House Democrats on Thursday introduced the Strengthening Homeland Innovation by Emphasizing Liberty, Democracy, and Privacy Act, known as the Shield Privacy Act. The bill aims to improve homeland security while protecting civil liberties.
"It's about protecting the individual rights of all Americans--life, liberty, and the pursuit of happiness," Rep. Kendrick Meek, D-Fla., a member of the House Select Committee on Homeland Security, said in a conference call with the media. "While we're pursuing [the security of our nation], it's important that we take into account the impact on our fundamental freedoms. We're trying to be proactive in heading off major privacy violations by the government that all Americans support through their tax dollars."
The Shield Privacy Act would create a presidentially appointed "privacy czar" in the Office of Management and Budget to coordinate federal privacy policies. It would also create chief privacy officers within other federal and independent agencies. Finally, it would set up a Commission on Privacy, Freedom, and Homeland Security to study U.S. efforts to advance homeland security in a manner that protects privacy, civil liberties, and individual freedoms.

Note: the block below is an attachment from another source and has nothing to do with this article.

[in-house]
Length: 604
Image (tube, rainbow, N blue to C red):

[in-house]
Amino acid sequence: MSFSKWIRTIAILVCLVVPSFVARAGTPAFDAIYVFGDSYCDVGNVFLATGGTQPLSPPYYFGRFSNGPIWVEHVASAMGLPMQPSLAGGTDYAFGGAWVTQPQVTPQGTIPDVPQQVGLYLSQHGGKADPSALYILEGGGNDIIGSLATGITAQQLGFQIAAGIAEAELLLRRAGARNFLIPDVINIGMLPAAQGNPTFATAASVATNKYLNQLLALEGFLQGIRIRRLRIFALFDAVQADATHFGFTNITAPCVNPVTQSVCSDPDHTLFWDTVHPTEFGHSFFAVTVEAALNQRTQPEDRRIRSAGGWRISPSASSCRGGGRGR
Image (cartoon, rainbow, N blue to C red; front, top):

The commission, to last 24 months, would be charged with reporting on how agencies are assessing, and should assess, the privacy implications of new homeland-security technologies prior to deployment. It will also review and make recommendations on how the government uses individual personal information from commercial databases and lists.
"As it relates to technology, we're having a lot of problems in dealing with the privacy issue," Meek said. "This will send an even stronger signal to Silicon Valley, and to the private sector, that the federal government [values] individual privacy." He said he hopes the commission would offer technology companies some guidance as to how best to respect privacy in their products.
While Meek observed that privacy is an issue that both Republicans and Democrats care about, the 25 co-sponsors of the bill so far are uniformly from the Democratic side of the aisle. "As we continue to talk about this legislation and talk about the importance of privacy," Meek said, "I'm pretty sure that members of the Republican side will take part in it."